University of Western Australia: Top health experts elected to prestigious national academy

Two health leaders from The University of Western Australia have been elected as new Fellows of the Australian Academy of Health and Medical Sciences.

The Academy welcomed 19 women and 10 men to its Fellowship today, recognising the brightest minds in health and medical sciences across a range of fields.

New Fellows include Professor Pat Dudgeon, from UWA’s School of Indigenous Studies, and Professor Andrew Whitehouse, from the UWA-affiliated Telethon Kids Institute.

Professor Dudgeon is Australia’s first Aboriginal psychologist and has had an exceptional career in mental health. She has shown how the specific historical, socio-economic, political, cultural and racist factors interact and contribute to mental health problems in Aboriginal populations, and is considered a leading Indigenous psychologist, both nationally and internationally.

“It is a great honour and privilege to be elected as a Fellow of the Academy. It is an acknowledgement that my research work is held in high regard by my peers, and that it is seen to be equally important,” she said.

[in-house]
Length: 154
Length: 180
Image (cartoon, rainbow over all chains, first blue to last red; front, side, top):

“It is inspiring to see such a positive change towards a more diverse and representational organisation, and I would like to see this continue to grow into the future. I am confident that this will be the case.

“My goal is to continue to encourage the development of Indigenous models of wellbeing that benefit both Indigenous and mainstream groups.”

Professor Whitehouse was elected for his major scientific advances in autism assessment and intervention. The director of CliniKids is also the Academy’s youngest-ever Fellow at 40-years-old.

“There is something very special about being elected by your peers to an Academy of such high esteem,” he said.

“Recent research findings have transformed our understanding about autism, but the clinical implementation of this knowledge is still lagging. Translating these extraordinary research advances into genuine clinical impact is as hard as the research that underpins it, and I’m ready to roll up my sleeves.”

Professor Whitehouse advised younger researchers to “see the world as it is now, but imagine the world you want to see: your research goals are the gap between those two”.

Academy President Professor Ingrid Scheffer said she was delighted to see the largest ever number of women elected at 66 per cent.

“Academy Fellows are elected by their peers for their outstanding and ongoing contributions to health and medical sciences,” Professor Scheffer said.

“The Academy is committed to supporting gender equity and championing diversity. It’s wonderful to see so many outstanding individuals join us as new Fellows.”

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